Editor’s note: this post was originally posted on 27 Feb, then edited on 13 March. It is mostly a compilation of my notes from the session, with some additional thoughts as well.
Marketing is like breathing. If you don’t breathe, you will die – if you don’t market, your business will die.
Marketing is not an event, it’s a process. Many people confuse marketing with advertising. Advertising is just one form of marketing.
If you are in the business of speaking, you should read books on marketing.
“Companies that stop marketing during turbulent times go out of business” – Jay Conrad Levitson (Author of Guerrilla Marketing)
Marketing is every bit of contact your company has with the outside world. From every phone call you receive to every link (broken or working) on your website.
Guerrilla Marketing is Time, Energy and Imagination
Don’t think of marketing as just a single approach, look at having a “Marketing Mixture” of 10 items
“Client” Focus vs. “Company” Focus – your verbal business card should be short and convey to the customer what value you provide. Ed Tate’s is “We Breathe Life into Business Presentations”
Marketing Combination: 60-30-10
60% of your time with currrent and past customers
30% with prospects
10% with looking for new customers
Confidence is the number one reason people do business with you
How do they get confident? Familiarity
How do they get Familiar? Regular, ongoing, anticipated contact
Research from American Marketing Association – you can contact people up to 220 times per year without annoying them. It can’t be all e-mail – has to be a variety. Example – Craig’s 52 Speaking Tips
Seven Steps to Guerrilla Marketing
– What do you want your customers to do first
— On-line: Opt-In
— Off-line: Collect Contact Information
– Never negotiate on-line – get them to tell their story before you tell your story – never quote a price until you hear their story
– Always lead with the hook
– Features vs. benefits
– Don’t sell the product, sell the result
– How to translate:
— “So that you can…”
— “For you this means…”
– Put the result before the resource
– Pain relief does better than improvements
Question: What sells better, vitamins or aspirin? Pain relief beats improvement. Sad…but true.
Types of Benefits/Results
– save time
– save money
– make money
– avoid effort
– find success
– be pain free
– safe & secure
– live & love
– increase happiness
E.D.G.E. (Craig) – give your audience/customer as many of these as possible.
Esteem – (i.e. you can be known as the best vs. you can be the best)
Do – this product will allow you to do…
Enjoy – i.e. you’ll have more time to spend with your family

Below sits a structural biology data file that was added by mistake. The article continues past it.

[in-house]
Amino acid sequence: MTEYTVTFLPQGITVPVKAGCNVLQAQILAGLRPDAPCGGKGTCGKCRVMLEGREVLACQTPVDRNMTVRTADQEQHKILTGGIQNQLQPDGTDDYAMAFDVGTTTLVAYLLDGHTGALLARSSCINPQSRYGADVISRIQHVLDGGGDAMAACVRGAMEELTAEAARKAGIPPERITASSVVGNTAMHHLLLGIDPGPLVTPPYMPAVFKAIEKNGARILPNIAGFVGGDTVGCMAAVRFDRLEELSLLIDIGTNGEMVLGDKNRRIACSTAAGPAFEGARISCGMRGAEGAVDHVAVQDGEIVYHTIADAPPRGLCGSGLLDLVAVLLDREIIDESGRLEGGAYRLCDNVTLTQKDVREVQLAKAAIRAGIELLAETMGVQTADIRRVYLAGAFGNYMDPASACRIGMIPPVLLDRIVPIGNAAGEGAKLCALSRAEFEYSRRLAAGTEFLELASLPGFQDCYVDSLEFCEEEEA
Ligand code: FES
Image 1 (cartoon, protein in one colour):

– Exactly who wants and needs what you have to offer?
– Define your ideal customer
– Who is your Jesse? (i.e. 24-30 year old woman looking to move into a management position)
– You cannot strike oil digging an inch deep everywhere, you have to dig a mile deep in one place
– Word files – one on what they want to avoid and one on what they want to attain
– You want them to say, “this is for me”
This seems to be one of the toughest exercises for anyone to do. People like to think that their audience is “everyone”. One source of confusion comes from the concept of who might buy your product versus who your ideal audience is. It’s okay for someone outside of your ideal customer to buy from you; that doesn’t mean your ideal audience becomes “everyone”.
Marketing Niche – slice of a subject (i.e. Craig is a speech coach, his niche is storytelling and his identity his “Mr. Nuts and Bolts”)
– What is your Industry?
– What is your Niche?
– What is your Identity?
– Figure out first what you are not
Guerrilla Markeing Weapons
– Provided in the handout (100 weapons – i.e. Business Card, YouTube video, etc.)
– Craig credits just one clip on YouTube (of the 15 or so there) for some of his recent business
– Most Guerrilla Marketing Weapons cost nothing or very little.
– Still, you need to plan and budget for your efforts
How do you distinguish yourself from other products – high quality recordings and high quality content
There was lots more info in the handouts and in their own programs than they could cover in a single session. Take a look at Craig’s book World Class Speaking (review here) for some great ideas, especially about specifics to market yourself as a speaker. Also, Guerrilla Marketing (review here) is the obvious source for ideas and tactics no matter what your speciality.
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